CATES: Sun safety time is hereCarol Cates is the chief nursing officer at Odessa Regional Medical Center. You can reach her via e-mail at

June is here, and with the summer months comes an increase in sun exposure. Sun safety is important to remember every day here in sunny Odessa, but as we go into summer, prioritizing sun safety is especially important to protect you and your loved ones from skin damage and skin cancer.
According to the Centers for Disease Control and Prevention (CDC), ultraviolet (UV) rays from the sun can damage skin in as little as 15 minutes, and repeated damage can result can result in skin cancer. Skin cancer is the most common form of cancer in the US. Texas, surprisingly is among the states with the lowest incidence of skin cancer, 13 people per 100,000 being diagnosed with skin cancer. I was very astonished to see that Washington State, a state notorious for having overcast skies and rainy days, has one of the highest rates in the US for skin cancer with 26.1 people per 100,000 being diagnosed with skin cancer—double the Texas rates. Obviously those people in Washington with all their rainy days just don’t think of skin safety in the same way we do here in sunny West Texas. But we still have a significant cancer rate. Even though are rates are lower than most of the US here in Texas, melanoma, the most common type of skin cancer is still a significant issue. Melanoma of the skin ranked 5th in the most common new cancer diagnoses in 2015. In Texas in 2015, 3,468 people were diagnosed with melanoma of the skin, and 504 people died with that diagnosis.
There are many things you can do to reduce your risk of skin damage and skin cancer. One of most effective methods of protecting yourself from sun damage is to remember the phrase slip, slop, slap: Slip on protective clothing, slop on sunscreen, and slap on a hat. Seeking shade whenever possible and protecting your eyes with sunglasses will also reduce your risk of sun exposure.
Use sunscreen frequently while you are exposed to the sun’s rays. Sunscreen needs to be applied regularly—at least every 2 hours, and after swimming, sweating, or toweling off. Sunscreen also expires, before using the bottle left over from last summer, make sure you check the expiration date. Make sure you are using a broad spectrum sunscreen. SPF is only an indication of protection against UVB rays, so a product with high SPF that does not contain any protection from UVA rays means you are still vulnerable to skin damage. Experts recommend looking for mineral active ingredients like zinc oxide and titanium dioxide as they not only provide both good UVA and UVB protection, but they have not been linked to other health issues. Some chemicals in sunscreens like oxybenzone, have been linked to increases in hormone levels and allergies, particularly in children. The FDA is currently looking at how sunscreens are tested for safety and efficacy, so we may be seeing some significant changes in how sunscreens are rated in the future, but for now it is up to individual consumers to read labels and make sure the sunscreen they choose is appropriate for them. Some good resources to help you choose which sunscreen is right for you are: EWG’s 2019 Guide to Sunscreens and Consumer Reports Best Sunscreens of 2019 These organizations are non-biased and research driven when they make these product recommendations.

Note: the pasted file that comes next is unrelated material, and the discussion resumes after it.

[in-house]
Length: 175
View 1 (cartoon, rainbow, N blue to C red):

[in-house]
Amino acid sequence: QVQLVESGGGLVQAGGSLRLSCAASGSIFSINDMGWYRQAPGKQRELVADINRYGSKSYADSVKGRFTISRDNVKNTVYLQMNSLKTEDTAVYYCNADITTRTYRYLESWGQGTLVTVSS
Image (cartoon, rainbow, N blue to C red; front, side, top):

Summer is a wonderful time to get outdoors and enjoy time with friends and family. Before you head out of doors, make sure you are protecting yourself and your loved ones with slip, slop, slap. Slip on clothes that cover, slop on sunscreen, slap on a hat, and then go have a great time under our beautiful, sunny, West Texas skies!